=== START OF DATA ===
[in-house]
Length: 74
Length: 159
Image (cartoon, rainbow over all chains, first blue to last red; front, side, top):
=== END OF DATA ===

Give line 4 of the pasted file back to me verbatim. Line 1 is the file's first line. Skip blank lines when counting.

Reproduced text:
Image (cartoon, rainbow over all chains, first blue to last red; front, side, top):